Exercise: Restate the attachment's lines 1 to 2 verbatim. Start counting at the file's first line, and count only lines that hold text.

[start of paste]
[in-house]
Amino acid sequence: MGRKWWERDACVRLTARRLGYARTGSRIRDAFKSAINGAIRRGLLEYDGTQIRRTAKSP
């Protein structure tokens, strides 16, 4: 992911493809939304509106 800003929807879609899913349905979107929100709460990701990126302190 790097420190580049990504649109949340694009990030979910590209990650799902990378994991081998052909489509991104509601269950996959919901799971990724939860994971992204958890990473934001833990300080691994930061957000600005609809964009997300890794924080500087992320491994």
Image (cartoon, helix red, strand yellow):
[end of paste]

[in-house]
Amino acid sequence: MGRKWWERDACVRLTARRLGYARTGSRIRDAFKSAINGAIRRGLLEYDGTQIRRTAKSP